I started with two fabric collections like the one below – samples from fabric suppliers – I had three sets on hand from the day-long quilting workshop I attended a couple of weeks ago. There isn’t enough fabric to make much of anything – maybe a pieced place mat, sometimes a small table runner. But there is enough to make a bunch of bags.

Fabric Samples

Fabric Samples

I laid each fabric collection on my cutting table, used my ruler and rotary cutter to divide each collection into 4-6 triangular / quadrilateral shapes – enough to mix and match using a stitch and flip technique. Next I cut out thirty (15 x 2 for front and back of a bag) pieces of batting (from leftover pieces) 6″ x 8″. I also cut out thirty pieces of lining fabric from my leftover stash (same dimensions) in preparation for the bags. The last bit of set-up was to create 15 zippers from some zipper tape I had on hand, adding slides and cutting the zippers two inches longer than the bag width – in this case 10″ (I also stitched both ends across the tape to prevent the slides coming off while making the bags!).

Tip #1: It’s very helpful to use a zipper 2″-3″ longer than your bag – that way you can position the slide to one end, let it hang beyond the bag edges while attaching the zipper – no worry about hitting the zipper slide with your needle or having to veer around it while you’re sewing!

Tip #2: Take a  piece of batting and cover the surface by laying down a piece of cut fabric, place a second piece at one edge right sides together, stitch and flip, and press open. Keep adding pieces of fabric until the batting surface is covered. Press and trim to the size of the precut batting. 

Because my batting pieces were relatively small, to took me about an hour and a half to do all thirty pieces (two sides for each of 15 bags, right?). Working in production mode, I matched up two sides, two lining pieces, and a zipper and stacked all 15 bags beside my machine and began assembling the bags. I’m not going to give detailed instructions about making the bags, there are lots of helpful bag-making tutorials around but let me say one thing – lots of people bind the ends of their zipper, I don’t bother with the extra work. I find my zipper is fine incorporated in the bag side seams, but I will mention a couple of techniques that will make the bag-making go smoothly.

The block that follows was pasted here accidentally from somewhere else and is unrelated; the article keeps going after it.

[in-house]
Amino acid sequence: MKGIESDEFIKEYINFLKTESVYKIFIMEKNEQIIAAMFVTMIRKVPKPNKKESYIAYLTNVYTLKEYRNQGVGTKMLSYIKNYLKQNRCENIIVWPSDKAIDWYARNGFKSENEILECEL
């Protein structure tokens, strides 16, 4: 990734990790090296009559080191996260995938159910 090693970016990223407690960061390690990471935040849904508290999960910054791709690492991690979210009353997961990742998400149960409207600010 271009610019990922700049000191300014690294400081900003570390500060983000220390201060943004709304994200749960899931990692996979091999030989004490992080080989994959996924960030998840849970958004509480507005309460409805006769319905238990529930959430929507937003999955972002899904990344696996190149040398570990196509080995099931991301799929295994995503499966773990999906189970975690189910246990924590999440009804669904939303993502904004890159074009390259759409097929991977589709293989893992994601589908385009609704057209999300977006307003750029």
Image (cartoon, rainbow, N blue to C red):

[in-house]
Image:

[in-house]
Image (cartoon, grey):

Tip #3: You’ve got one side of your zipper attached to one piece of the outside (fabric/batting) – align your lining piece face down on the zipper tape (not the batting side), making sure the sides are matching up with the sides of the fabric. Now add the second side of the zipper to the second side of the bag – and again place lining face down on zipper tape, sew.

You can see I do two seams to attach each side of the zipper – first sewing it to the main fabric, then stitching a second time to add the lining. A little more work, but it makes it much easier to attach the zipper within the seam. I find something always moves out of position when I try sewing main fabric, zipper, and lining in a single pass.

I now have the zipper attached to both sides of the bag (with the lining also attached). I open the bag flat and press the zipper seams on both the outer side and the lining side. Next I separate the lining from the fabric/batting, lining up rights sides of lining and rights sides of fabric. The next step is critical:

Tip #4: Start by sewing the side with the closed/back end of the zipper, starting at the lining (the slide is at the opposite side), stitch toward the zipper, folding the zipper down toward the fabric/batting pieces, stitch carefully over the zipper, finish seaming the fabric/batting. When everything is finished and you turn the bag right-side out, the zipper will be beyond the fabric/batting, not tucked inside.

Tip #5: Reach between the fabric/batting pieces and open the zipper all the way to the seam you’ve just completed! (If you make this routine, you won’t find yourself in the situation where you go to turn the bag right-side out and the zipper is closed!)

Now I sew the second side seam, again starting with the two pieces of lining right sides together, past the folded zipper which is pushed down toward the fabric/batting (zipper seams are up toward the lining), and on to the fabric/batting pieces. Now you have both sides stitched.